(This story shares its title with a performance celebrating the resilience and heart of the people of Lismore in the 2017 floods, created and developed by Sunita and Zeb of RealArtWorks, Lismore)
We stand on the balcony, Heidi and I, hair whipping across our faces. The rain has fallen in sheets for days, backdropped by a gunmetal sky. Heidi’s eyes are wide. She shivers, wraps her arms across her chest. I want to draw her to me, but my arms won’t move.
“Will we be okay, Mum?”
I nod. My mouth is pressed into a flat line.
We’ve spent the last two hours bringing everything up from under the house: the lawnmower, Heidi’s bike, the box of donated toys she outgrew a few years ago. We’ve learned, you see, from last time.
“Let’s go inside,” I suggest. I hope she doesn’t notice the catch in my throat.
She nods slowly, but doesn't move. She’s staring instead at the churning brown river: a muddy soup racing an escape to the sea.
I take her elbow and lead her indoors.
She was only six the last time, but she still talks about the things she lost.
Tony was still here then. It was his idea to evacuate “just to be on the safe side.” But we watched the water rise from the sports centre on the hill where we sheltered and we knew that everything was gone.
“We should have stayed,” he said. “Protected our things.”
Ooh, there’s the hindsight, Tony. It was one of the things that irritated me most: he’d make decisions, regret them, then talk about what he should have done. Like Kelly. “I should have told you before I did anything.” Well hoo-fucking-ray Tony. Aren’t you the big man, owning your mistakes?
Tony and I had returned two days later to a brownwashed wreck. The stench of dredged sewerage and decay nearly knocked us sideways. Most of the windows were smashed, the yard was a swamp and one of our kitchen stools teetered in a tree across the road.
Harry, our octogenarian neighbour had been there for hours when we arrived, clad in his Wilson nylon waders hosing down his steps. I admired his energy. I barely had the strength to step over the threshold and start sorting through the shattered remnants of our lives.
It was at least clean when we took Heidi back. She insisted on coming, and Tony’s mother said it was for the best, rather than her having to imagine it. She was clutching a plush yellow Pokemon toy that some kindly soul had donated, the clean animal too bright and unsullied for the stage of our broken home.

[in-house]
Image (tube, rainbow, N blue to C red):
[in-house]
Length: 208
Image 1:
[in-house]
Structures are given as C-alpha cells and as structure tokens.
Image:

She stood between the buckling, exposed supports that were once walls.
“Where’s my bedroom?” she whispered.
A scrap of Winnie the Pooh wallpaper still clung to a chunk of plasterboard that had found itself living on the floor.
“We could have saved her things,” growled Tony, as though it was my decision to leave them all behind.
“You two are okay?”
“Can I speak to Heidi?”
I hand the phone over. Who knows how much longer we’ll have a signal or electricity for.
Heidi cradles the mobile with both hands. Her voice is hushed. I fish out the candles and matches from the cupboard and look through the recycling bin for bottles to wedge the candles into. I push a greasy white pillar candle into an empty Tempranillo bottle and, for a second, I’m in that trashy little Italian place Tony and I used to love. It had red and white checked tablecloths, and Tony used to pick the wax drippings from the bottle. I shake the image away and concentrate on spacing out the bottles to maximise the light when night falls.
“I’m not scared,” Heidi says, but a tiny tremor betrays her. “I know, I know. One in a hundred year occurrence.”
This is the exact same conversation I had with her about two hours ago. We were usually on the same page, Tony and I. Even now.
Heidi is holding the phone to me. “Dad wants to speak to you.”
I smile, as though talking to my ex husband is a treat, and take the phone from her.